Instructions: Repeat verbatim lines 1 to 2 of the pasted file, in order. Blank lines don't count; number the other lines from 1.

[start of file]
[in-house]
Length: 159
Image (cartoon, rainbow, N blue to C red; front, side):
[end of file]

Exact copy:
[in-house]
Length: 159